DOJ tests suspicious-activity reporting system
- By Jason Miller
- Dec 10, 2007
The Justice Department is prototyping a new system to share unclassified data with state and local law enforcement officers.
Through the Law Enforcement Online (LEO) system, E-Guardian will use the National Information Exchange Model (NIEM) standard to improve suspicious-activity reporting among federal, state and local law enforcement agencies.
Richard Beauchamp, FBI’s interim information technology portfolio manager at the Chief Information Officer’s Office, said last week that Justice is prototyping the system to gauge whether it will work.
Beauchamp, speaking at an Industry Advisory Council event in Washington, said Justice has been working on E-Guardian for about six months.
“The goal is to try to understand whether it is feasible to capture all suspicious activity data in a single repository or whether we need a distributed approach using Web services,” he said. “We have not decided what approach we will take yet.”
The plan for now is to include E-Guardian as one of a handful of systems for state fusion centers to use in the future. The National Data Exchange (N-Dex) — which will capture incident reports from across the nation containing names, phone numbers, short descriptions of incidents and other information — also will be used at fusion centers.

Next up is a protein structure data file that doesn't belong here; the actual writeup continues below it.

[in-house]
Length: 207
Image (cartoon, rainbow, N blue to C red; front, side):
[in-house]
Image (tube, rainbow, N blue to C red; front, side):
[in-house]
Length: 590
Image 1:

State and local law enforcement agencies theoretically would use federal grant money to publish their data on E-Guardian, Beauchamp said.
“The fusion centers will decide if they need to react to the information,” he said. “We also must consider if fusion centers have the resources to deal with all this data.”
Beauchamp emphasized this is still an internal effort focused on suspicious-activity reporting and not all criminal activity.
There has been a lot of interest from state and local law enforcement agencies in accessing this type of data. Beauchamp said there are more than 120,000 users on LEO, and it is growing.
And because there are a lot of users, they are generating a lot of data.
“NIEM will help us manage all of this data,” Beauchamp said.
Justice, the Program Manager for the Information Sharing Environment, FBI, the Defense and Homeland Security departments, and state and local representatives recently formed a suspicious-activity reporting governance panel to address the challenges of standardizing incident reporting and information-sharing issues.
Beauchamp added that NIEM, which is the key to all of this, is moving to Version 2. Version 1 has been tested and is in production with several systems to develop exchange documents.
Paul Garrett, a special assistant to the Justice CIO, said NIEM’s acceptance is growing rapidly.
Justice issued guidelines for grant money to fusion centers that required the use of NIEM, and vendors are ensuring their products are NIEM-compliant, Garrett said.
“We are driving NIEM down to 40 information exchange package documentations at DHS,” Garrett said. “We will publish the suspicious-activity reporting IEPD soon and begin to figure out how to use it.”